Family members arrive at Bole International airport in Addis Ababa, Ethiopia, Sunday, March 10, 2019, to check on information on the Ethiopian flight that crashed. An Ethiopian Airlines flight crashed shortly after takeoff from Ethiopia’s capital on Sunday morning, killing all 157 people thought to be on board, the airline and state broadcaster said. (AP Photo/Elias Masseret)
FILE - In this Jan. 25, 2010, file photo, Bole International airport in Addis Ababa, Ethiopia. An Ethiopian Airlines flight with 157 people thought to be on board crashed shortly after takeoff Sunday, March 10, 2019 from Ethiopia's capital headed to Nairobi, the airline said. (AP Photo/Samson Haileyesus-file)
Relatives of the victims involved in a plane crash wait for information Jomo Kenyatta International Airport, Nairobi, Kenya, Sunday, March 10, 2019. An Ethiopian Airlines flight crashed shortly after takeoff from Ethiopia's capital on Sunday morning, killing all 157 people thought to be on board, the airline and state broadcaster said, as anxious families rushed to airports in Addis Ababa and the destination, Nairobi. (AP Photo/Khalil Senosi)
Relatives of the victims involved in a plane crash wait for information at Jomo Kenyatta International Airport, Nairobi, Kenya, Sunday, March 10, 2019. An Ethiopian Airlines flight crashed shortly after takeoff from Ethiopia's capital on Sunday morning, killing all 157 people thought to be on board, the airline and state broadcaster said, as anxious families rushed to airports in Addis Ababa and the destination, Nairobi. (AP Photo/Khalil Senosi)
Kenya Airport Authority (KAA) Managing Director and CEO Jonny Andersen and Kenya's Transport Minister James Macharia (L) give a press conference on Ethiopia airline's crash in Ethiopia, at the Jomo Kenyatta International Airport in Nairobi, Kenya, on March 10, 2019. - An Ethiopian Airlines Boeing 737 crashed Sunday morning en route from Addis Ababa to Nairobi with 149 passengers and eight crew believed to be on board, Ethiopian Airlines said. (Photo by Yasuyoshi CHIBA / AFP) (Photo credit should read YASUYOSHI CHIBA/AFP/Getty Images)
Kenya Airport Authority (KAA) Managing Director and CEO Jonny Andersen speaks during a press conference on Ethiopia airline's crash in Ethiopia, at the Jomo Kenyatta International Airport in Nairobi, Kenya, on March 10, 2019. - An Ethiopian Airlines Boeing 737 crashed Sunday morning en route from Addis Ababa to Nairobi with 149 passengers and eight crew believed to be on board, Ethiopian Airlines said. (Photo by Yasuyoshi CHIBA / AFP) (Photo credit should read YASUYOSHI CHIBA/AFP/Getty Images)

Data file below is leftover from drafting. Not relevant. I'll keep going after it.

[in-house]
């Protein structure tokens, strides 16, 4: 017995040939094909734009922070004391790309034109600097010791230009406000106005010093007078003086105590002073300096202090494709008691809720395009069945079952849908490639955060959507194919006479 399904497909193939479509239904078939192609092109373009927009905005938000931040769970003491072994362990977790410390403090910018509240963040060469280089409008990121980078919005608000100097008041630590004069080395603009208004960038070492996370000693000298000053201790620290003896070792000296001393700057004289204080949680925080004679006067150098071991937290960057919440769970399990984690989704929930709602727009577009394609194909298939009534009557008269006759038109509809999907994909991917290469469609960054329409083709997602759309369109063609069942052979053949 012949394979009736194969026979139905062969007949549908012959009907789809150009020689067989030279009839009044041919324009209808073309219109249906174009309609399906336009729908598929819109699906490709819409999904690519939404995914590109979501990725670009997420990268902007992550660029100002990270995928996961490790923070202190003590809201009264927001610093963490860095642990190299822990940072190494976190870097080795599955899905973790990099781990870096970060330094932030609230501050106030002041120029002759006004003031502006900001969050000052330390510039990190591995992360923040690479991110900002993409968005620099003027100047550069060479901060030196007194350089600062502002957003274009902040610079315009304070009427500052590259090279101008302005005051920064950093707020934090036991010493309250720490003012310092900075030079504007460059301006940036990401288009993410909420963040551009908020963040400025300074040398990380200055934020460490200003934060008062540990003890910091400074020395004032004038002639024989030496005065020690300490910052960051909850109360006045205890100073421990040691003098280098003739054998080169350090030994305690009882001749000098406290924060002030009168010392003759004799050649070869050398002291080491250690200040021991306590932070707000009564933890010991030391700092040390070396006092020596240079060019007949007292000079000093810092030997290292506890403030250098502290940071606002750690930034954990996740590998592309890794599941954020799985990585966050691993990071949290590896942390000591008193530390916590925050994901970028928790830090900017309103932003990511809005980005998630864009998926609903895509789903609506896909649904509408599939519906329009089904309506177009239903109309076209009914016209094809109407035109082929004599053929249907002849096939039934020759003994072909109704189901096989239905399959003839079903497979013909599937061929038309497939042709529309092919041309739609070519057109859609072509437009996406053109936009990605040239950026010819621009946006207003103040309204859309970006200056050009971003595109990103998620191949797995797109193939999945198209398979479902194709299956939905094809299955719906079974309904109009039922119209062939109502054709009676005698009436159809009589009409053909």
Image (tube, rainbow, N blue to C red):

A Chinese group send messages as informing about their colleagues who were allegedly onboard the plane that crashed in Ethiopia, at the Jomo Kenyatta International Airport in Nairobi, Kenya, on March 10, 2019. - An Ethiopian Airlines Boeing 737 crashed on March 10 morning en route from Addis Ababa to Nairobi with 149 passengers and eight crew believed to be on board, Ethiopian Airlines said. (Photo by Yasuyoshi CHIBA / AFP) (Photo credit should read YASUYOSHI CHIBA/AFP/Getty Images)
A Chinese group look at the arrival flight schedule as informing about their colleagues who were allegedly onboard the plane that crashed in Ethiopia, at the Jomo Kenyatta International Airport in Nairobi, Kenya, on March 10, 2019. - An Ethiopian Airlines Boeing 737 crashed on March 10 morning en route from Addis Ababa to Nairobi with 149 passengers and eight crew believed to be on board, Ethiopian Airlines said. (Photo by Yasuyoshi CHIBA / AFP) (Photo credit should read YASUYOSHI CHIBA/AFP/Getty Images)
A woman reacts as she waits for the updated flight information of Ethiopian Airlines Flight ET 302, where her fiance was onboard at the Jomo Kenyatta International Airport (JKIA) in Nairobi, Kenya March 10, 2019. REUTERS/Baz Ratner